Joan Didion: The Center Will Not Hold is a hollow and superficial biography of the writer, which is a shame, because Didion is an undeniably enthralling character.
Joan Didion: The Center Will Not Hold is a hollow and superficial biography of the writer, which is a shame, because Didion is an undeniably enthralling character who has lived a life worthy of deeper analysis. The film’s central issue is its complete lack of narrative focus; it seems, in fact, allergic to positing a thesis about Didion, unless that thesis is something as bland as “She sure is great!” It was directed by her nephew, Griffin Dunne, but its composition is starkly purposeless and offered without any hint that the director knows Didion or has insider access; it feels anonymous and sterile.
The documentary begins promisingly. Didion herself is reading from one of her many essays over an image of archival film footage of the Golden Gate Bridge. Her quote crackles with intellectual audacity and social relevance and is written and spoken with an authoritative voice. Society is falling apart and the center will not hold, warns Didion reading Didion. The quote is dislocated from time and place; the film makes no effort to contextualize the lines or orient the viewer. Instead, the viewer must anticipate having this quote fleshed out. Such a narrative hook is of course a tired trope, but nevertheless it succeeds in building excitement and suspense. It hints that this will be a film about society, politics and the paradoxical ways in which everything is both unstably suspended over an abyss and yet somehow seems secure, just like the Golden Gate Bridge.
Except all of those assumptions and promises about the film are immediately abandoned and go unfulfilled. Not only does the film fail to explore the quote—which is also its subtitle—but it also never once returns to those lines. What ensues from that brilliant opening shot is the most boring biography of Didion one could imagine.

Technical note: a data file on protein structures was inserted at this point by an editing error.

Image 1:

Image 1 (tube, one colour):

Dunne takes the viewer through each phase of Didion’s professional life. Starting with her tenure at Vogue in the ‘50s, the film proceeds in a rote and methodical fashion, giving approximately five-to-eight minutes of screen time to each thing Didion did in chronological order. From Vogue to marriage to freelancing in Los Angeles to adopting a child to political commentary to screenwriting to war-time correspondent in El Salvador to novelist to widowed playwright: a monotonous succession of incredible life achievements bloodlessly and pointlessly marched across the screen. It is a CV put into the medium of a film. But here is the thing about CVs: they are boring as hell to read! That is why we attach cover letters to them, to provide some kind of narrative basis around which a reader can organize the list of accomplishments.
Joan Didion: The Center Will Not Hold would benefit from a thesis and/or a focus. The subtitle suggests (even promises) that the film will be about Didion’s rightly famous political and cultural commentary following the aftermath of ‘60s bacchanalia and the emergence of the Silent Majority that elected Nixon. That would make a fine documentary; in fact, setting as one’s purpose an in-depth engagement with Didion’s work at any point in her storied career would be worthwhile. She is that talented and important as a writer. What surely does not work, as this film is ample evidence, is a vague and surface-deep summarization of that storied career from beginning to end.